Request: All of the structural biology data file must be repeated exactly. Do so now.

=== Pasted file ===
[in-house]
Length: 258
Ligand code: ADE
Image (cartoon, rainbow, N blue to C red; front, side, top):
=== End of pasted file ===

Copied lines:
[in-house]
Length: 258
Ligand code: ADE
Image (cartoon, rainbow, N blue to C red; front, side, top):